Seytan, a 'faux Satan' that must then be destroyed by an aging priest. There's actually no real reason to go
any further with the plot details here as, with the exception of the fact that the story is set in Istanbul rather
than Georgetown, it is almost an exact ape of William Peter Blatty's tale.
Amityville 3D (1983)
Known to many a horror fan as the chapter of the Amityville Horror saga where things got really silly, the
Ouija board makes an appearance as the strange haunted house is now in the possession an elderly couple
who claim to be mediums, and make use of a Ouija board to conduct a seance in an attempt to fleece a
couple of investigative reporters. The board only gets a brief cameo here, but it is notable for the fact that
the seance is so hokey it's almost downright hilarious.
The Devil's Gift (1984)
Once again, this film is not exactly an example of stellar horror, but it is worth mentioning here as it
introduces the idea that a toy can possess a toy. In this case while a family is playing with an Ouija board - a
nice wholesome pastime while living in what looks like a pretty creepy home - an evil spirit is released 'from
the board' during their seance and possesses a toy monkey that then proceeds to go on a nasty killing spree.
Again, not the best movie by any means, but guaranteed to ensure that anyone who does watch it will
develop a definite dislike for both Ouija boards and stuffed monkey dolls.
Witchboard (1985)
In this movie, the Ouija board is more than a gateway for evil entities, it is evil in itself. The tale revolves
around a love triangle involving three teens, Jim, Brandon and Linda, and a Ouija board that Brandon
introduces his ex, Linda, to at a party.
Linda actually becomes more than fascinated with the board, eventually contacting a spirit called David via it
and she begins to see him as a friend, spending all of her time communing with the spirit - a ten year old it
seems - and encouraging her ex Brandon, and current flame Jim, to do the same. At first David's actually
quite useful, he helps Linda find a lost ring and Brandon deal with his troubles at work. He, of course, turns
malevolent however, and can seemingly leave the board to kill.
The plot here is not the best - after a series of gruesome deaths the teens defeat the demon, although poor
Brandon gets killed along the way and live happily ever after - but the idea that the Ouija board can carry a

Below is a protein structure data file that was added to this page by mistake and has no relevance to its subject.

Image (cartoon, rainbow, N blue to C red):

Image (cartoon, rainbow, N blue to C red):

movie is interesting. At the end of the film it's clear that David the demon was not destroyed at all, he's
simply gone back to his board to await his next victim, as it seems that unless the board is destroyed - which
the intrepid teens forgot to do - he can't be vanquished either.
Repossessed (1990)
Repossessed is one of the many spoof movies that were elevated from silly to sublime thanks to the comedic
genius of Leslie Nielsen. It also marked a return to the silver screen for Linda Blair, the former child star
who had caused such controversy playing Regan in The Exorcist.
This is a spoof of many of the popular horror movies of the day but Blair's character Nancy, is an obvious
nod to Regan. Nancy is a modest, approaching middle aged housewife with nice kids, a nice husband and a
nice house.  However, when her kids are gifted a Ouija board and begin to play with it Nancy goes berserk.
After calming down she is forced to reveal she was possessed as a child, by a spirit summoned from such a
board, although she does now have a certificate from the Pope stating she's all better now !
Of course though the kids Ouija board session has released a demon, Nancy gets possessed again and she
must track down the now retired priest who helped her out before, one Father Mayii, as played by Neilsen.
Watch this one for fun, not just because a Ouija board makes an appearance.

Ouija (2014)
Once again the board takes center stage and even gets to claim the title credits. This time we have he tale of
a board owned by a teen who has been playing with it since she was a child. Despite this odd fascination
though she's a cheery enough soul so her friends are rather surprised when she hangs herself, apparently
after trying to burn her beloved board.
The concerned friends manage to smuggle the board away from the home of their dead friend and decide to
try to use it to find out what happened to her. And, as any horror movie fan will expect, that turns out to be
a very bad idea, ending in the death of almost everyone, except the lucky few who the board chooses as its
new owners..
These examples are just a few of the films that have made use of the tarot cards and the Ouija boards to
further their narratives, there are, of course, more than a few more and more to come in the future no doubt.
But let's end with an interesting question to ponder; do the tarot cards and ouija board lend their occult
reputations to these tales or is it these tales that have helped create those reputations for what were
supposed to be benign playthings? We'll leave that one up to you.